Help with ID and Birth Certificate Costs in Kansas City, MO


To get a free photo ID, individuals must fill out a Form DE-VID1 (Certification Requesting Fee Waiver for Nondriver Identification Card) (Español). This form is available at all driver’s licenses offices, all county election offices and online.

Qualifying individuals who lack proof of identity and want to obtain a free nondriver identification card may get a Kansas birth certificate from the Kansas Office of Vital Statistics at no cost. To qualify, individuals must:

  • Not possess and valid photo identification documents under Kansas law
  • Lack any documents necessary to prove their identity
  • Sign an affidavit attesting they do not have a valid photo ID or documents to prove their identity
  • Be registered to vote in Kansas
  • Have been born in Kansas

To get a free birth certificate to obtain a nondriver identification form, individual must submit the following forms to the Kansas Office of Vital Statistics:

  • Form VS-235 (Application for Certified Copy of Kansas Birth Certificate)
  • Form DE-VID1 (Certification Requesting Fee Waiver for Nondriver Identification Card) (Español)

Individuals born outside of Kansas, who do not have proof of identity and who do not wish to pay to obtain such a document from their home state may apply for a State Voter Identification Document. This document can only be used to vote in Kansas.

To qualify for a State Voter Identification Document, individuals must:

  • Not possess and valid photo identification documents under Kansas law
  • Lack any documents necessary to prove their identity
  • Sign an affidavit attesting they do not have a valid photo ID or documents to prove their identity
  • Be registered to vote in Kansas
  • Have not been born in Kansas

The Missouri Department of Social Services: Family Support Division may be able to help you or your family with food stamps, health care, childcare, child support, and other needs.

Food Stamp Recertifications - The United States Department of Agriculture (USDA) Food and Nutrition Service (FNS) currently requires Missourians to complete and send a periodic recertification form and any required documents to verify that they still qualify for SNAP (Food Stamp) benefits. The Family Support Division will mail a recertification form that will need to be completed and returned with any required documents before the deadline on the letter.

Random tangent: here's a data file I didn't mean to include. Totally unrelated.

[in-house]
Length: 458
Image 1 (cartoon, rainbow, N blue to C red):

Food Stamp Interviews - You will only be required to complete a SNAP (Food Stamp) interview if you are a new applicant. If you already get SNAP benefits and received a recertification form, you do not need to do a phone interview at this time. If you are a new SNAP applicant, we will call the number you listed on your application to do your phone interview within 3 days of receiving your application. So you know it is the Family Support Division calling, they will appear on your caller ID as Family Support Division (855.823.4908).

The University of Missouri Extension in Jackson County - Kansas City can also help you apply for Food Stamps – please call 816.482.5854.


Kansas - Department for Children and Families Customer Service: 1.888.369.4777 | TTY: 1.785.296.1491

Kansas Benefits Card

Federal Elected Officials

U.S. Senators from Missouri in Washington DC have Constituent Services teams ready to assist Missourians

  • You must be a resident of Missouri.
  • Your issue must involve a federal agency, not a state or local one.
  • Your case must not involve a pending court action.
  • You must complete and sign a privacy release form to comply with the provisions of the Privacy Act.